Ever gone for your doctor’s appointment and arrive on time and then you sit and wait and wait for your name to be called? The time waiting can sometimes be excruciating; all the while thinking about all the possible things that may be wrong, not looking forward to being weighed or poked, as your blood pressure elevates. For an elderly person, it can be even more difficult; therefore being prepared for the visit, may alleviate some of the anxiety.
The National Institute on Aging recommends the following list to help prepare for what often is a very brief opportunity to communicate one on one with your doctor. Good doctor patient communications are important for getting the most out of your office visit.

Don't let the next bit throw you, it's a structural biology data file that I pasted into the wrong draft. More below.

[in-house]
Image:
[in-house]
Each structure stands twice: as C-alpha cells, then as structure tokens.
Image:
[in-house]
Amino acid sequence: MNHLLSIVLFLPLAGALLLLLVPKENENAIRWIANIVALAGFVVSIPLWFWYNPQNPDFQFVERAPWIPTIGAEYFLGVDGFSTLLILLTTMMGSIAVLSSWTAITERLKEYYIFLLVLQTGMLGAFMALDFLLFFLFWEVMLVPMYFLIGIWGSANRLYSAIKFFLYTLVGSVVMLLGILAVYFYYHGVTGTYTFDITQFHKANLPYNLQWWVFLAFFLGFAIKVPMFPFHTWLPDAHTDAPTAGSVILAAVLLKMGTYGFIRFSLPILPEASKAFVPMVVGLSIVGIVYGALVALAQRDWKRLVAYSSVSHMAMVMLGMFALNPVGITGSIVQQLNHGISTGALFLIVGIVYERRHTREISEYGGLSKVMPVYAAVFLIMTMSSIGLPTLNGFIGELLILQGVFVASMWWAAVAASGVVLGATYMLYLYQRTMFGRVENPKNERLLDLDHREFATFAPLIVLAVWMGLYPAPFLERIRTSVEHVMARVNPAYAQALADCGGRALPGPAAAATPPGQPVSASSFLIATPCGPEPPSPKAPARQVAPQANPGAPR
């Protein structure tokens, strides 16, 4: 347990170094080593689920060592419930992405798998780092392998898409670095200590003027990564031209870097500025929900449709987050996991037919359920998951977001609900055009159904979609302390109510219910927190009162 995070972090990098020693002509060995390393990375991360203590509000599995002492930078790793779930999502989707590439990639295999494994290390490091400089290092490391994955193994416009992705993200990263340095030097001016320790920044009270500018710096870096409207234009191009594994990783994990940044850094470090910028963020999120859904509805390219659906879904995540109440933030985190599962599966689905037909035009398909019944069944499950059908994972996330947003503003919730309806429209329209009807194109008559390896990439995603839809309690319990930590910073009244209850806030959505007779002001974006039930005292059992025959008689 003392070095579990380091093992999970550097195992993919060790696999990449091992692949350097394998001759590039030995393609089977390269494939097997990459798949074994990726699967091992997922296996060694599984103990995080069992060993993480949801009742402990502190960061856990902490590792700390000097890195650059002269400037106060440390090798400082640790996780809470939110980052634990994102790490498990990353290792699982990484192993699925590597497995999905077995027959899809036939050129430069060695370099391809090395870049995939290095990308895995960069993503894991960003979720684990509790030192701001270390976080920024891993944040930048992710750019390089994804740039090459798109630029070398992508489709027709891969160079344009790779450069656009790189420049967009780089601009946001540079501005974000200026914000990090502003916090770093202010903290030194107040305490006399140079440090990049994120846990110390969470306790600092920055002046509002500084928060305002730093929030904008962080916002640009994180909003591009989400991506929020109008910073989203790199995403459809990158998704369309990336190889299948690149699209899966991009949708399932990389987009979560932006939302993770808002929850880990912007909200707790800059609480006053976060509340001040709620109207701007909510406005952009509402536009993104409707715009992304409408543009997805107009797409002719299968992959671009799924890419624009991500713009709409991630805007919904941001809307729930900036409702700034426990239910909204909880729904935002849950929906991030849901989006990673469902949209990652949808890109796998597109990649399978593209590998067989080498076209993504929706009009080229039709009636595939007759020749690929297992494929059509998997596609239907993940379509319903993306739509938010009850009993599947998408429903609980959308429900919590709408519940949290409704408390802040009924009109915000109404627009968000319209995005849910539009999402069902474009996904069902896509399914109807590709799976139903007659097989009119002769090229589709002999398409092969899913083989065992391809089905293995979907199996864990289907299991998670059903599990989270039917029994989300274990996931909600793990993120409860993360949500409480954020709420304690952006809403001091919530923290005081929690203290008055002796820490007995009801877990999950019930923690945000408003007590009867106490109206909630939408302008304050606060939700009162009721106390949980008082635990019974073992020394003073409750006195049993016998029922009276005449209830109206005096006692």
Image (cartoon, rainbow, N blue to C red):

- Be prepared: make a list of concerns.
- Take information with you.
- Make sure you can see and hear as well as possible.
- Consider bringing a family member or friend.
- Find an interpreter if you know you’ll need one.
- Plan to update the doctor on what has happened since your last visit.
If you are a caregiver for an older adult, especially if they have any problems with hearing, vision or cognitive skills, you will want to go to mmLearn.org and watch Dr. David A. Smith, Geriatric Consultants of Central Texas, for his presentation on Doctor and Patient Communication – How to Talk to your Doctor. Dr. Smith emphasizes the need for patients to be proactive when it comes to their health and gives some helpful information about the crucial questions to ask.